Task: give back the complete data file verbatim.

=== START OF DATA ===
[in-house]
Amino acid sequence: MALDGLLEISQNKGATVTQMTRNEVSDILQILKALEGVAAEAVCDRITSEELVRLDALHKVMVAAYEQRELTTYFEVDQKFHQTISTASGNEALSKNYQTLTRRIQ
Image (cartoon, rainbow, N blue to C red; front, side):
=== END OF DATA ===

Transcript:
[in-house]
Amino acid sequence: MALDGLLEISQNKGATVTQMTRNEVSDILQILKALEGVAAEAVCDRITSEELVRLDALHKVMVAAYEQRELTTYFEVDQKFHQTISTASGNEALSKNYQTLTRRIQ
Image (cartoon, rainbow, N blue to C red; front, side):